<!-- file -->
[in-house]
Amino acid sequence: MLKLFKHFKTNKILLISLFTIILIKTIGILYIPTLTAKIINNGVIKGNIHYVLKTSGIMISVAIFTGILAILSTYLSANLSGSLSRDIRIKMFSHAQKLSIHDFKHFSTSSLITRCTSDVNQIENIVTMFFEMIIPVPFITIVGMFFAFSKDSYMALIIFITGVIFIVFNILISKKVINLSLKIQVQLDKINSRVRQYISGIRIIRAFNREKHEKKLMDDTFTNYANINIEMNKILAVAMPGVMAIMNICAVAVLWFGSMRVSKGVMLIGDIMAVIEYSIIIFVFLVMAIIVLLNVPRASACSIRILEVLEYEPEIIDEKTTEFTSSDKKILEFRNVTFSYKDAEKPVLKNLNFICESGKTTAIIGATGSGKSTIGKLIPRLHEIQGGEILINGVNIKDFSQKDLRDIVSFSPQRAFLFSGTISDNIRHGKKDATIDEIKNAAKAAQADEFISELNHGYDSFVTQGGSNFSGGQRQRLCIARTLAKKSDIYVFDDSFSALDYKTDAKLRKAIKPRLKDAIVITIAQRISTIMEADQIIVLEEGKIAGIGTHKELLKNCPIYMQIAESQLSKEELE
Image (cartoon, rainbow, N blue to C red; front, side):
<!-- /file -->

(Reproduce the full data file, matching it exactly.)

[in-house]
Amino acid sequence: MLKLFKHFKTNKILLISLFTIILIKTIGILYIPTLTAKIINNGVIKGNIHYVLKTSGIMISVAIFTGILAILSTYLSANLSGSLSRDIRIKMFSHAQKLSIHDFKHFSTSSLITRCTSDVNQIENIVTMFFEMIIPVPFITIVGMFFAFSKDSYMALIIFITGVIFIVFNILISKKVINLSLKIQVQLDKINSRVRQYISGIRIIRAFNREKHEKKLMDDTFTNYANINIEMNKILAVAMPGVMAIMNICAVAVLWFGSMRVSKGVMLIGDIMAVIEYSIIIFVFLVMAIIVLLNVPRASACSIRILEVLEYEPEIIDEKTTEFTSSDKKILEFRNVTFSYKDAEKPVLKNLNFICESGKTTAIIGATGSGKSTIGKLIPRLHEIQGGEILINGVNIKDFSQKDLRDIVSFSPQRAFLFSGTISDNIRHGKKDATIDEIKNAAKAAQADEFISELNHGYDSFVTQGGSNFSGGQRQRLCIARTLAKKSDIYVFDDSFSALDYKTDAKLRKAIKPRLKDAIVITIAQRISTIMEADQIIVLEEGKIAGIGTHKELLKNCPIYMQIAESQLSKEELE
Image (cartoon, rainbow, N blue to C red; front, side):